Dispositional Resistance to Change: Measurement Equivalence and the Link to Personal Values Across 17 Nations

Shaul Oreg*, Mahmut Bayazit, Maria Vakola, Luis Arciniega, Achilles Armenakis, Rasa Barkauskiene, Nikos Bozionelos, Yuka Fujimoto, Luis González, Jian Han, Martina Hřebíĉková, Nerina Jimmieson, Jana Kordaĉová, Hitoshi Mitsuhashi, Boris Mlaĉić, Ivana Ferić, Marina Kotrla Topić, Sandra Ohly, Per Øystein Saksvik, Hilde HetlandIngvild Saksvik, Karen van Dam

*Corresponding author for this work

Research output: Contribution to journalArticlepeer-review

137 Scopus citations


The concept of dispositional resistance to change has been introduced in a series of exploratory and confirmatory analyses through which the validity of the Resistance to Change (RTC) Scale has been established (S. Oreg, 2003). However, the vast majority of participants with whom the scale was validated were from the United States. The purpose of the present work was to examine the meaningfulness of the construct and the validity of the scale across nations. Measurement equivalence analyses of data from 17 countries, representing 13 languages and 4 continents, confirmed the cross-national validity of the scale. Equivalent patterns of relationships between personal values and RTC across samples extend the nomological net of the construct and provide further evidence that dispositional resistance to change holds equivalent meanings across nations.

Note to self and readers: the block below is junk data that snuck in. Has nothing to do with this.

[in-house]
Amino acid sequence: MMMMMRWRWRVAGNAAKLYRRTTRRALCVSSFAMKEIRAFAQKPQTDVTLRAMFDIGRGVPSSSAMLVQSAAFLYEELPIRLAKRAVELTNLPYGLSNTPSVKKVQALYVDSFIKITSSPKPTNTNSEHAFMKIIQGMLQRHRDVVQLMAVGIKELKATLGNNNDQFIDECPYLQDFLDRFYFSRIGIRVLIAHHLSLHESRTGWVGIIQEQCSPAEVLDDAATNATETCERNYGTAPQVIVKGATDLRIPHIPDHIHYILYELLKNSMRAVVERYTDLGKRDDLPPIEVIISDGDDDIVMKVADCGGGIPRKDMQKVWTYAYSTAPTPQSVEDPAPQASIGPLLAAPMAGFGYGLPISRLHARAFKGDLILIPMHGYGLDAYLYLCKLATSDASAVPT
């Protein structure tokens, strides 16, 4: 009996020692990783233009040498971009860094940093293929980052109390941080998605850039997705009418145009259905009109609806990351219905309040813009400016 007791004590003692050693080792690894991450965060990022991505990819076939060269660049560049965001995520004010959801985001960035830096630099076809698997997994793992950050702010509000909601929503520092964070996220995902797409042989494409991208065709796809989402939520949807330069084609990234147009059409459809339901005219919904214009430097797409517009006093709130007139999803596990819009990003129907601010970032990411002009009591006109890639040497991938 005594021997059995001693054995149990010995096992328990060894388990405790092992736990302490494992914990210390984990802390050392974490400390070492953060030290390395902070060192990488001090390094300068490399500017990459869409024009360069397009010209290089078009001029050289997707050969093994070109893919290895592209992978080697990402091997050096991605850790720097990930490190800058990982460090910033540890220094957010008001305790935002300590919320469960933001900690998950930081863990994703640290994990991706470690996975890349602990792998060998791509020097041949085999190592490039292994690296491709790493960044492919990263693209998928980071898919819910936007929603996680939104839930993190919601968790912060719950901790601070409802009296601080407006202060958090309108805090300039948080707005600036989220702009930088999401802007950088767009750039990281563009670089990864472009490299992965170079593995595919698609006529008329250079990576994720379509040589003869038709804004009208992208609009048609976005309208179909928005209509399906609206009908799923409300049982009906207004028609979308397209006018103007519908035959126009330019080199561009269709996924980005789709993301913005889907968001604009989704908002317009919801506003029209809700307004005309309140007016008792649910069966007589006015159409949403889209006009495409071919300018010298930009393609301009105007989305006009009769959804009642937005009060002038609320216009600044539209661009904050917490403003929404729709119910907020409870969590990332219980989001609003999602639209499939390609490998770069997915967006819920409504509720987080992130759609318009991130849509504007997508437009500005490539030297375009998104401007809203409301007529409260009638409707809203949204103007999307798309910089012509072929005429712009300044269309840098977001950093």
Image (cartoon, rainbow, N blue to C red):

Original languageAmerican English
Pages (from-to)935-944
Number of pages10
JournalJournal of Applied Psychology
Issue number4
StatePublished - Jul 2008
Externally publishedYes


  • measurement equivalence
  • personal values
  • resistance to change
  • scale validation


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